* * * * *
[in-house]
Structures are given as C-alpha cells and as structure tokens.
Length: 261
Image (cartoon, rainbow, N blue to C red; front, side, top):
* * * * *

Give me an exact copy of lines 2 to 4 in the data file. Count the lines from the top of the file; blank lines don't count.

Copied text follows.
Structures are given as C-alpha cells and as structure tokens.
Length: 261
Image (cartoon, rainbow, N blue to C red; front, side, top):